ECCC Reparations

This blog is designed to serve as a repository of analyses, news reports and press releases related to the issue of RERAPATIONS within the framework of the Extraordinary Chambers in Courts of Cambodia (ECCC), a.k.a. the Khmer Rouge Tribunal.

Wednesday, June 3, 2009

Jacque Verges Isn’t Counting Cards, He Actually Gambles

Jacque Verges has quite a reputation which primarily consists of two things: he takes highly controversial and virtually unwinnable cases and turns proceedings into a circus rife with quasi-legal demagoguery which he calls ‘the rupture strategy’. The core of Verges’ strategy is not a complex amalgam of evidence suppression, and world-class cross examination techniques and legal research but an attempt to discredit the court and the entire system of government it represents. This approach somewhat worked in years leading up to the massive independence movement in the developing world some 40 years ago when the French began questioning the overall system of government they had in place. This time is ancient history now and these ducks no longer fly. Verges drones on, anyway. What might seem as a comical legal approach in this day and age is in reality a dangerous gamble Verges makes on his clients’ lives. Jacques has no coherent and calculated legal strategy; he is a hunch man who thinks of legal practice as unscripted acting, rather than a well-rehearsed theatrical play with a script written by topnotch writers.

Verges’ strategy of representing his client Khieu Sampan before the ECCC has been no different to the rest of his career. There is absolutely no evidence that Verges has looked into the charges brought against his client by the prosecution and has designed a strategy of a substantive response to these charges. Instead, he has been after the court for not ordering the translation of his client’s case-file into his native French. Although this is not an outlandish claim, cases are not won even if courts admit that the absence of translations of particular documents has been prejudicial to the rights of the accused. There is a gulf between such an admission and a declaration that the abuse of process has been so invasive that the only sensible remedy for it is the termination of charges as serious as those brought against Verges’ client. Once the Pre-Trial Chamber threw out Verges’ motion for termination of the proceedings against his client on the basis of extreme prejudice which he based on the absence of translations for a number of documents in his client’s case-file, Verges did not desist. The next ‘rupture’ argument he advanced was that of the corruption of the court and its unsuitability to deliver justice. Verges’ technique here seems to consist of filing reasonably credible motions, requesting a hearing, and then berating the judges for what he believes to be wrong with the court. The good news for us and Verges’ client is that the court is beginning to grow weary of Jacques’ shenanigans. This manifested itself in the recently issued warning in which the court struck back with the full force of the law enunciating that Verges’ ‘rupturous’ behavior will no longer be tolerated and that the court will take actions necessarily to put a stop to it. The more decisively and expeditiously the court acts, the more likely it is that it won’t be too late for a ‘conventional’ lawyer to save the day.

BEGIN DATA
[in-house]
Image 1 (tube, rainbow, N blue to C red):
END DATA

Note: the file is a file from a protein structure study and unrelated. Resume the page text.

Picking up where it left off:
Post a Comment

Subscribe to Post Comments [Atom]

<< Home